NACCHO Statement on Gun Violence in Texas and Ohio

By Lori Tremmel Freeman, NACCCHO CEO

“Gun violence is a profound public health crisis in America. The horrific loss of life and injury in Texas and Ohio once again fill us with sadness, anger, and frustration at yet another senseless act of violence.  These tragedies have reached epidemic proportions and as with other epidemics, we must act to protect our communities’ public safety and well-being.

“We join with so many others across the nation in offering our sincerest thoughts and  prayers for the victims. But we know that is not enough. We know it is far past time for meaningful action to curb gun violence and its causes. In the absence of federal leadership, local officials, including public health leaders, are taking critical steps to address this crisis, including community-based prevention programs and public outreach and education aimed at reducing violence. But we still must do more.

“NACCHO remains committed to providing resources, training, and guidance to our local health department members to help in their response to this ongoing public health crisis. We also call upon lawmakers to take a public health approach to the violence epidemic. That starts with federal research on gun violence prevention, including suicide prevention. It also includes conducting background checks on all gun purchases, preventing individuals most at risk of violence from purchasing guns, banning assault weapons and large ammunition magazines, and engaging in research about how to effectively address violence. Moreover, health officials, government leaders, law enforcement, faith communities, and concerned citizens, including lawful gun owners, must come together to address the social and cultural issues that cause individuals to, far too often, resort to violence, including racism and xenophobia as was reportedly the motive in the El Paso shooting.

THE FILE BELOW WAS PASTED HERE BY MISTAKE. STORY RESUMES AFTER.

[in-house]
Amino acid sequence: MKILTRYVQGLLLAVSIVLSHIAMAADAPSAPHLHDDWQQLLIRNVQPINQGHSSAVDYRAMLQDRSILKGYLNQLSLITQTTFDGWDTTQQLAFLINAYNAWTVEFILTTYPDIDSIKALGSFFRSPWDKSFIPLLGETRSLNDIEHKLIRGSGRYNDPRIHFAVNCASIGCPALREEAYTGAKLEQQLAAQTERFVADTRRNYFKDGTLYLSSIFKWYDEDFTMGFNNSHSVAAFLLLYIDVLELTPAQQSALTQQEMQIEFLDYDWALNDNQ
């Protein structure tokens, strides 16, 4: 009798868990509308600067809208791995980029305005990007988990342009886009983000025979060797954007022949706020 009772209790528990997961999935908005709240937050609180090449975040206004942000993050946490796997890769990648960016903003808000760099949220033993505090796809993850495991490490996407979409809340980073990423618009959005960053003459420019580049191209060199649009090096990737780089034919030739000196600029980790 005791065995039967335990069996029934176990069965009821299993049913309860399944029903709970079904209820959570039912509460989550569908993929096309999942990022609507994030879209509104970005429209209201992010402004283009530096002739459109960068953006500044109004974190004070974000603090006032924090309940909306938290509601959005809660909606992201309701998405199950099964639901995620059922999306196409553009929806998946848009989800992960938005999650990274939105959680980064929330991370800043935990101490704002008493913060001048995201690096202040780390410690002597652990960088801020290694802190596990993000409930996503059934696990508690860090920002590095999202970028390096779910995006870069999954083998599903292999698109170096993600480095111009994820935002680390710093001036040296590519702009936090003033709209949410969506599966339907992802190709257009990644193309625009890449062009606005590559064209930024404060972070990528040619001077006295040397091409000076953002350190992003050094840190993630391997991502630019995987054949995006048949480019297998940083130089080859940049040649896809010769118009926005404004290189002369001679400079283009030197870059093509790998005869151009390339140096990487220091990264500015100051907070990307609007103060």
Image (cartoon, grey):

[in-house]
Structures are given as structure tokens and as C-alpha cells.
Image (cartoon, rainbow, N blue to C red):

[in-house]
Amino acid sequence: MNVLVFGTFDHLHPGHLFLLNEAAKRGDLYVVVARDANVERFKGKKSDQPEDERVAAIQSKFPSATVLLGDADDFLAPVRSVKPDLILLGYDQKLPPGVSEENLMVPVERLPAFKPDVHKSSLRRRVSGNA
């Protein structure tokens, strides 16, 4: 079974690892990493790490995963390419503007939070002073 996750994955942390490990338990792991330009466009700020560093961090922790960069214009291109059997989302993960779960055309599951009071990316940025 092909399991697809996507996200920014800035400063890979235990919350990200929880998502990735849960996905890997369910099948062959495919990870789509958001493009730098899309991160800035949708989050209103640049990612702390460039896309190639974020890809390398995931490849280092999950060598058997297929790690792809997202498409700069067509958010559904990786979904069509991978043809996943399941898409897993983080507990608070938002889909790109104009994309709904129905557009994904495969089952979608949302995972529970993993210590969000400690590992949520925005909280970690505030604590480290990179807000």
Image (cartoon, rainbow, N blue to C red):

“Lastly, even as individuals, we can do our part through safe gun ownership including securing guns in the home, installing trigger locks, and otherwise limiting ready access to guns by keeping them locked in a safe.   While we may not be able to stop all gun violence, these are critical, concrete steps to turn the tide. It is far past time for action.“

Click here to read NACCHO’s Firearm-Related Injury and Death Prevention Policy Statement.